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ASCII vs. EBCDIC: What's the Difference?

Edited by Aimie Carlson || By Harlon Moss || Published on February 18, 2024
ASCII and EBCDIC are both character encoding systems; ASCII is widely used and standardized, while EBCDIC is less common and IBM-specific.

Key Differences

ASCII, the American Standard Code for Information Interchange, is a character encoding standard for electronic communication. EBCDIC, the Extended Binary Coded Decimal Interchange Code, developed by IBM, is another encoding system used in older IBM mainframes. Both ASCII and EBCDIC represent text in computers, telecommunications equipment, and other devices.
In ASCII, 128 specified characters are encoded into seven-bit integers as its basic alphabet. EBCDIC, on the other hand, uses an eight-bit encoding, providing a larger number of available characters. While ASCII is widely adopted in most systems, EBCDIC remains in use primarily in IBM systems.
ASCII was designed for compatibility with telegraphy, and its character set is now universal in computing. EBCDIC, though less standardized, was designed for compatibility with IBM's punch card format. ASCII and EBCDIC differ significantly in their character set arrangements and values.
ASCII includes control characters and printable characters, with the latter including digits, letters, and punctuation marks. EBCDIC's character set also includes control and printable characters, but with different arrangements and some additional control codes specific to IBM's requirements.
Converting between ASCII and EBCDIC can be challenging due to their different character set encodings. ASCII has become the de facto standard for modern operating systems and programming languages, whereas EBCDIC's use is now largely confined to legacy systems.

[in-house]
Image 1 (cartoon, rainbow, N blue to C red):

Comparison Chart

Encoding Bits

7-bit encoding, making it more efficient for modern computing.
8-bit encoding, resulting in a larger character set.

Character Set

Includes 128 characters, focusing on English language.
Includes 256 characters, with more specialized symbols.


Universally used in most modern systems and internet protocols.
Primarily used in older IBM mainframes and legacy systems.


Designed for telegraphy and compatible with most computer systems.
Designed for IBM punch cards, less compatible with non-IBM systems.


Has a more logically organized character set.
Character set layout is considered less intuitive.

ASCII and EBCDIC Definitions


ASCII is a standard for character encoding in computers and electronic devices.
The text file is saved in ASCII format for universal readability.


EBCDIC supports a wider range of characters than ASCII due to its 8-bit encoding.
EBCDIC's 8-bit structure allows it to represent additional special characters.


ASCII is limited to 128 characters, making it efficient but less diverse.
Due to ASCII's limitations, it cannot represent characters from non-Latin scripts.


EBCDIC is a character encoding system used primarily in IBM mainframes.
The legacy database uses EBCDIC encoding, requiring conversion for modern systems.


ASCII stands for American Standard Code for Information Interchange.
ASCII was developed in the early 1960s to standardize digital communication.


EBCDIC is less common and less standardized compared to ASCII.
Converting data from EBCDIC to ASCII is necessary when moving to newer systems.


ASCII is foundational in modern computing and internet communication.
Web pages often use ASCII to encode their content.


EBCDIC was designed for compatibility with IBM's early hardware.
EBCDIC encoding reflects the legacy of IBM's punch card systems.


ASCII assigns numerical values to letters, digits, and control characters.
In ASCII, the letter 'A' is represented by the number 65.


EBCDIC stands for Extended Binary Coded Decimal Interchange Code.
EBCDIC is an older encoding system, contrasting with the more universal ASCII.


A standard for assigning numerical values to the set of letters in the Roman alphabet and typographic characters.


A standard code that uses 8 bits to represent each of up to 256 alphanumeric characters.


Persons who, at certain times of the year, have no shadow at noon; - applied to the inhabitants of the torrid zone, who have, twice a year, a vertical sun.